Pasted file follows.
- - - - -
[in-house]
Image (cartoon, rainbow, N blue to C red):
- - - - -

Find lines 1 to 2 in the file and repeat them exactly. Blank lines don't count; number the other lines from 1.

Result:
[in-house]
Image (cartoon, rainbow, N blue to C red):